Low-cost Chinese chip maker Rockchip usually puts its silicone products inside tablets and TV boxes that run Google’s Android software, but this dogma is slowly starting to shift and the company is aiming to conquer new territory.
This year, we witnessed the advent of the first Chromebooks bundling the Rockchip RK3288 architecture. But Rockchip doesn’t seem to want to stop here. So what’s the next step? How about Windows 10?
PadNews got hold of a few photos showcasing an unnamed tablet with 1024 x 768 pixel resolution, a Rockchip RK3288 processor inside, and surprise, surprise, the Windows 10 Mobile Insider Preview software loaded on top.
This is a pre-release version of Microsoft’s upcoming software for phones and tablets which will become available this fall, after Windows 10 for desktop, notebooks and big tablets becomes official.
Windows Mobile will allow users to download and install lots of apps from the Windows Store, and the new Continuum for phones that lets you use your phone or small tablet like a desktop computer will also be available. All users need to do is connect a display, keyboard and mouse in order to run apps like Office suite in desktop mode.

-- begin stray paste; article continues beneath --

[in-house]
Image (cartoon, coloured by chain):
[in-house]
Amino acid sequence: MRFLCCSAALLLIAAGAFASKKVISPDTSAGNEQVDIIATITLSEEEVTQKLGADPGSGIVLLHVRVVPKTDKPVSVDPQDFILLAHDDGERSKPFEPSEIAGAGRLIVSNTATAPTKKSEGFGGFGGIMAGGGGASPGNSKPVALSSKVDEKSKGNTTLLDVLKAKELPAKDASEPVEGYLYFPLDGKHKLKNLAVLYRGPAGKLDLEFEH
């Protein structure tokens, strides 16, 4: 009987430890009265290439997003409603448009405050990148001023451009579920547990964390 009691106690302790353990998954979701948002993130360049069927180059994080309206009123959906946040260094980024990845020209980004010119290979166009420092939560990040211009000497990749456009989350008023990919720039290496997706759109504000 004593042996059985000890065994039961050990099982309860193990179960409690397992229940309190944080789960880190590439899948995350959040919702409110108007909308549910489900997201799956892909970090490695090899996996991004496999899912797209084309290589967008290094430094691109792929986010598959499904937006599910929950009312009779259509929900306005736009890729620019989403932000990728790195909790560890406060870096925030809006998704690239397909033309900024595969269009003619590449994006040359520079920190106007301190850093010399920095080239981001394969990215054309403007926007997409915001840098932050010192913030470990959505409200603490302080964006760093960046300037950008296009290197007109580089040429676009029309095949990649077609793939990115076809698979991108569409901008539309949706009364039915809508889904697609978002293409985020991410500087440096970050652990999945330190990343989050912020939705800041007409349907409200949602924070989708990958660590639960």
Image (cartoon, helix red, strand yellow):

Is Windows Phone moving to the low-cost realm?
While most Windows Phone devices until now have been taking advantage of Qualcomm chips, the platform could be tweaked to work on units running Rockchip processors.
The Rockchip RK3288 we see in the screenshots is a quad-core ARM Cortex-A17 processor with Mali-T764 graphics. The performance of this chip is pretty decent, but even so, there are quite a few ARM-based chips around at this moment that can deliver more.
For the time being, we don’t know whether the elusive tablet we’re seeing is a real product or someone just managed to get Windows 10 Mobile to work with Rockchip RK3288 hardware.
Low-cost chipmakers have been getting more and more traction these days. For example, we recently reported that US chip giant Qualcomm entered a partnership with Allwinner in order to push its chips into low-cost tablet offerings in Asia.
So it’s not out of the question for Microsoft to enter an agreement with Rockchip to port its new mobile OS into budget tablets selling in China and related territories.